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Abstract #0927

Are we seeing any better? A comprehensive comparison of myelin biomarkers in the healthy and multiple sclerosis post mortem spinal cord

Marco Battiston1, Torben Schneider2, Francesco Grussu1,3, Geert J Schenk4, Stig Wergeland4,5, Mohamed Tachrount6, Marios C Yiannakas1, Carmen Tur1, Jeroen J G Geurts4, Claudia Angela Wheeler-Kingshott1,7,8, and Rebecca Sara Samson1

1Queen Square MS Centre, UCL Institute of Neurology, Faculty of Brain Sciences, University College London, London, United Kingdom, 2Philips UK, Surrey, United Kingdom, 3Centre for Medical Image Computing, Department of Computer Science, University College London, London, United Kingdom, 4Department of Anatomy and Neurosciences, VU University medical centre, Amsterdam, Netherlands, 5Department of Neurology, Haukeland University Hospital, Bergen, Norway, 6Cardiff University Brain Research Imaging Centre, Cardiff University, Cardiff, United Kingdom, 7Department of Brain and Behavioural Sciences, University of Pavia, Pavia, Italy, 8Brain MRI 3T Research Centre, C. Mondino National Neurological Institute, Pavia, Italy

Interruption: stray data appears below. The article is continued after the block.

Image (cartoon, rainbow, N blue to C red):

Conventional MRI of the multiple sclerosis (MS) spinal cord offers low specificity to underlying pathological processes taking place. Quantitative MRI metrics able to characterize damage at the microstructural level are required. Of particular interest are those known to be sensitive to myelin content, which can be generated via various different contrast mechanisms. It is important to assess the specificity of such prospective myelin biomarkers to MS spinal cord pathology and validation studies comparing MRI with histological findings are essential for this purpose. Here a comparison of myelin-sensitive quantitative MRI metrics measured in MS and healthy ex vivo cord are presented.

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